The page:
11 Apr Arqit Helps Prepare The World For ‘Q-Day’
Fledgling company brings quantum-safe encryption to the cloud
Melbourne, Australia – Apr. 11, 2022
For all its promise in revolutionizing the processing of data, quantum computing is also a threat that looms increasingly large for organizations storing sensitive encrypted data.
At some point in the not-too-distant future, the arrival of the so-called “Q-Day” will see quantum computers able to crack the encryption algorithms used to store the world’s most sensitive data — and years of encryption algorithms will suddenly become obsolete.
It’s a sobering threat that has kept encryption specialists occupied for years — but David Williams is confident that he’s cracked the problem.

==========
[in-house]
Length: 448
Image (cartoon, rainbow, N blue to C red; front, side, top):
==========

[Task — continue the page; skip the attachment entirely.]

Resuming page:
The UK-based firm he founded and of which he is now CEO, Arqit, worked to find a solution by developing a new way of generating and using cryptography keys so that public key infrastructure (PKI) systems could be designed to resist brute-force attacks by future quantum computers.
Development of quantum-safe algorithms has become a high priority for post-quantum cryptography (PQC) companies as quantum computers continue to push towards viability within the next decade.
It was a challenge he anticipated during his previous role as founder of Avanti Communications Group, a satellite operator that provides communications capacity across Europe, the Middle East, and Africa.
Despite implementing robust and secure encrypted communications to protect data travelling across that network, Williams said, by 2017 it was clear that rapidly evolving quantum computers would eventually render their efforts at data security obsolete.